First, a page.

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Fort Denison-Sydney Harbour  
   

Fort Denison-Sydney Harbour

One of the most popular islands in Sydney Harbour is Fort Denison, sometimes known as ‘Pinchgut’ or ‘Rock Island’. The island has a fascinating convict past, being originally used as a place of punishment for the more difficult convicts. It was the convicts who named it ‘Pinchgut’ after the starvation rations they had to face. In 1788 a convict named Thomas Hill was sentenced to a week on bread and water in irons on what was then referred to as ‘the small white rocky Island adjacent to this Cove’. By 1796 a gibbet was constructed and convicts who were sentenced to death were left to hang until their bones turned white. The most famous convict to be sentenced to death here is Francis Morgan, who arrived in the colony in 1793 on the Sugar Cane from Ireland. He had been tried for the murder of a man at Glassneven in Co Dublin, and was caught wearing the murdered man’s watch. Convicted, his sentence was commuted to transportation for life. After his arrival in Sydney, he was again charged with murder, after bashing a man named Simon Raven to death on the north side of the harbour on 18 October 1796. By the 1840s the colony, fearing invasion from the Russians, had converted the island into a fort and by 1857 the fort was manned, including two ten inch guns and twelve 32 pounders. The guns have only been fired during ceremonies and on special occasions.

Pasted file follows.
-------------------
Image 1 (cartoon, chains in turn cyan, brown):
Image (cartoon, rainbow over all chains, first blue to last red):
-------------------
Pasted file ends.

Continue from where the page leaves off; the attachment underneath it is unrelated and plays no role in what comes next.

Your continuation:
Reptiles, Views, Belly Dancing, USA

September 8th 2011
Tuesday, 16 August 2011 Wow what a feeling to be back in Australia. Home for Francine and now since Angie is an honorary Aussie, a home away from home. At least here we can walk safely in the street and enjoy our freedom that the Austrailian ( & Allied Forces) fought so hard in New Guinea and elsewhere to perserve. We will always carry with us, a better understanding of what it took to have ... read more
Oceania » Australia » New South Wales » Gosford

Australian Flag Aboriginal settlers arrived on the continent from Southeast Asia about 40,000 years before the first Europeans began exploration in the 17th century. No formal territorial claims were made until 1770, when Capt. James COOK took possession in the name... ... read more
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